Somalia: Abuses by al-Shabaab, the TFG and AMISOM (HRW report)
Human Rights Watch (HRW) publicou esta semana un informe dunhas 60 páxinas sobre Somalia. Neste país, o Goberno so controla unha parte da capital, a pesar do apoio de aliados como os Estados Unidos, a Unión Africana e a Unión Europea (incluída España). Os civís sofren as consecuencias desta guerra que apenas sae nos mass media, desprazados ou recrutados á forza, e privados dos seus medios de subsistencia…
O informe leva por título “Harsh War, Harsh Peace: Abuses by al-Shabaab, the Transitional Federal Government, and AMISOM in Somalia”. Copio un extracto da súa introducción (a negrita é miña):
[…] International actors continue to play a direct —and often counter-productive— role in Somalia. Almost all key foreign actors including the African Union, United States, and European Union have adopted a policy of strong backing for the TFG [Transitional Federal Government] that includes training and arming its fighters. Neighboring Kenya has under false pretenses recruited Somali youths from refugee camps to be fighters, contravening humanitarian principles and returning them to the very chaos they fled. Eritrea, in an effort to undermine the regional interests of its political foe Ethiopia, has supported al-Shabaab and other Somali opposition groups.
Governments supporting the TFG contend that it represents a real chance at peace and good governance for Somalia, while al-Shabaab is the potential leading edge of international terrorism in the region. Many analysts find this policy framework simplistic. But whatever its analytic merits, the policy has failed to achieve its goals. The TFG remains a weak faction confined to a small part of the capital that is under relentless military assault; it would almost certainly collapse without AMISOM’s backing. Somalia’s people continue to suffer pervasive human rights abuses and indiscriminate attacks and al-Shabaab has grown more powerful and radicalized despite increasing international pressure.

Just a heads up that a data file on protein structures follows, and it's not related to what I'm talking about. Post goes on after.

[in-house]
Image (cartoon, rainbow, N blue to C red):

Meanwhile, one of the world’s worst humanitarian crises grows more catastrophic by the day. About 1.5 million Somalis are displaced from their homes and half the population is in urgent need of humanitarian aid. More than half-a-million people have sought shelter in other countries as refugees. And as of this writing the UN World Food Programme (WFP) had to suspend food aid to a huge swath of southern Somalia, citing threats, attacks, and unreasonable demands by al-Shabaab and other armed groups. A recent UN report found that an enormous proportion of the food aid WFP delivers to Somalia is diverted by powerful local contractors and armed groups.
There is no easy solution to the complex and deeply entrenched crisis that is tearing Somalia apart. But the UN, other intergovernmental bodies, and influential governments should first reverse the policies that are contributing to rampant abuses. The US government should stop sending mortars and mortar shells to the TFG in Mogadishu, as it had in 2009, so long as the weapons are used without regard to the laws of war, destroying homes and shattering families. UN institutions and key regional and western powers including the African Union should demand that AMISOM and TFG forces also abide by the laws of war instead of turning a blind eye to their allies’ abuses on the ground.
Al-Shabaab and other armed opposition groups should stop committing abuses such as firing mortars indiscriminately and from densely populated areas, using civilians as human shields, and recruiting child soldiers. Al-Shabaab should also halt floggings, amputations, decapitations, and other practices that contravene international human rights standards.
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